With the rise in cases, the Quad Cities Area Health Department said it was struggling to manage the volume of contact tracing calls.
ROCK ISLAND, Ill. – Responsibility for contact tracing in Illinois is shifting from local health departments to the Illinois Department of Public Health as counties struggle to keep up with rising COVID-19 cases .
Janet Hill, chief operating officer of the Rock Island County Health Department, said the department receives hundreds of calls a day regarding contact tracing. By transferring this responsibility to the state, Rock Island County will have more resources to focus on vaccinating the public as well as other non-COVID-19 related responsibilities.
If you test positive for COVID-19 at a state-run site, pharmacy, or doctor’s office, you will receive a text from the IDPH Emergency Center at 312-777-1999.
“The cases are so high that no health service would be able to adequately contact every positive case,” Hill said, “So this automated system will at least give people the information they need when they need it. need.”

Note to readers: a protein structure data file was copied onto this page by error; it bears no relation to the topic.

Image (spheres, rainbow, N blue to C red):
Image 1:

After receiving a text, Hill said it was important to answer the questions being asked of you.
“They’ll ask you questions based on symptoms and just contact you,” Hill said.
Depending on your answers, you may receive a release letter from work or school. In some cases, this release letter is what is needed to be welcomed into the office or into class.
Illinois County Health Services will refer anyone seeking contact tracing information to IDPH. However, county departments will continue to contact the trace of certain homes, including those in nursing homes and schools.
“We’re going to continue to educate and answer questions if people call us. It’s just that we’ll hand over the bulk of contact tracing for COVID-19 to the state,” Hill said.
If you are taking a COVID-19 home test, you will not receive calls or texts from the Illinois Department of Health. Instead, it is your responsibility to notify close contacts and monitor for symptoms.
You can find information on contact tracing procedures from the Illinois Department of Public Health.
The Rock Island County Health Department will host a Pfizer Immunization Clinic for children ages 5-17, including boosters for those 12 and older who qualify, from 9 a.m. to 1 p.m. this Saturday, Jan. 15 .
All Pfizer appointments for children in the health department will also now be walk-in. No appointment is necessary.